Smith, R. Jeffrey. "Top CIA Proliferation Aide, Facing Budget Cuts, Quits." Washington Post, 22 Oct. 1997, A19.
See also Steven Erlanger, "C.I.A. Official Quits Nonproliferation Post," New York Times, 21 Oct. 1997, A8 (N).
Smith, R. Jeffrey. "An Unconventional Choice for the CIA: George Tenet's Route Passed Through Capitol Hill and the White House." Washington Post National Weekly Edition, 24 Mar. 1997, 32.
"After a bruising fight with Senate Republicans over the failed nomination of Anthony Lake, Tenet's support from key lawmakers in both parties was probably the decisive factor in Clinton's choice."
Smith, R. Jeffrey. "U.S. Agencies at Odds Over Response to American Slain in Guatemala." Washington Post, 5 Apr. 1995, A24.
Smith, R. Jeffrey. "U.S. Data Aiding Macedonia." Washington Post, 21 Mar. 2001, A1. [http://www.washingtonpost.com]
According to Macedonian officials on 20 March 2001, "U.S. forces in Kosovo are providing aerial photos and other military intelligence to Macedonian army officers.... At the Pentagon, Rear Adm. Craig Quigley, a senior spokesman,... said, 'I am not aware of any unilateral U.S.-to-Macedonian exchanges.' But he said it is possible that the Macedonians had received information from a U.S. officer seconded to a NATO unit, and so working outside the U.S. chain of command."
Smith, R. Jeffrey. "U.S. Had Information in 1991 Tying CIA Informer to Killing." Washington Post, 24 Mar. 1995, A1.
Smith, R. Jeffrey. "U.S. Officials Acted Hastily in Nuclear Test Accusation." Washington Post, 20 Oct. 1997, A1, A6-7.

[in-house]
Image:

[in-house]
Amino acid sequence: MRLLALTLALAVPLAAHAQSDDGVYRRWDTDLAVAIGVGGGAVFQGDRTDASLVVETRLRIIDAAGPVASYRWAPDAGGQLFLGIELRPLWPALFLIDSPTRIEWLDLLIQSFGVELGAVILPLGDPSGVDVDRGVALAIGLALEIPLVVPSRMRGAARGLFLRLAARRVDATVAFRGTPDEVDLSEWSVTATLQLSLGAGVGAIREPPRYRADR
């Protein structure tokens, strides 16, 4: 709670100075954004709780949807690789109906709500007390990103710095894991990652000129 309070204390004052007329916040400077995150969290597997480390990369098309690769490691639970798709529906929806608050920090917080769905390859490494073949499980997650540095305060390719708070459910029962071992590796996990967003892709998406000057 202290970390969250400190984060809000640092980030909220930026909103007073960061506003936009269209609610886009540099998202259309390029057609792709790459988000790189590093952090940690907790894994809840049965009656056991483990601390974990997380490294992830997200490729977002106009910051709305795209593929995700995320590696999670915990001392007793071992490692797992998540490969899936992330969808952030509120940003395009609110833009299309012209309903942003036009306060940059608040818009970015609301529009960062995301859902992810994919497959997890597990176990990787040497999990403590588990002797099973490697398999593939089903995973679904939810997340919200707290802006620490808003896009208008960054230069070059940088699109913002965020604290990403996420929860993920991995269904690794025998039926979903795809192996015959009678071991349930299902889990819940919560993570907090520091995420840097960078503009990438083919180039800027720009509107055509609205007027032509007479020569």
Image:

It looks as though the event in Siberia that U.S. Intelligence Community analysts initially labeled a nuclear test was actually seismic in nature. See also Bill Gertz, "CIA Panel Gives Split View on Arctic Seismic Rumbling," Washington Times, 4 Nov. 1997, A6.
Smith, R. Jeffrey. "U.S. Presses Greece for Action against Leftist Terror Group." Washington Post, 3 Nov. 1999, A30. [http://www.washingtonpost.com]
There have been at least five terrorist attacks carried out in Athens this year by a group known as November 17. The United States has been pressing the Greek police to bring the members of the group to justice since the assassination of CIA station chief Richard Welch in November 1975. "U.S. officials say they suspect that arrests of group members have been blocked by both a lack of official interest and active opposition within the Athens government. Senior Greek security officials have rejected the accusation."
Smith, R. Jeffrey. "U.S. Widens Guatemalan Death Probe." Washington Post, 30 Mar. 1995, A1.
Smith, R. Jeffrey. "Woolsey: At the CIA, a Cautious Moderate." Washington Post National Weekly Edition, 28 Dec. 1992-3 Jan. 1993, 12.
President Clinton's nominee for DCI, Robert James Woolsey, "is an engaging, politically cautious moderate" with ties to both political parties.